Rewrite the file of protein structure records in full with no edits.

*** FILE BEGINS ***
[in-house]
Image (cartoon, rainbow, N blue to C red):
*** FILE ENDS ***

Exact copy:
[in-house]
Image (cartoon, rainbow, N blue to C red):